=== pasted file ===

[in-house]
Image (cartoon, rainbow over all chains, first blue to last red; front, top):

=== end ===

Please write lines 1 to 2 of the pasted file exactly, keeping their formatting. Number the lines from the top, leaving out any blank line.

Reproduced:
[in-house]
Image (cartoon, rainbow over all chains, first blue to last red; front, top):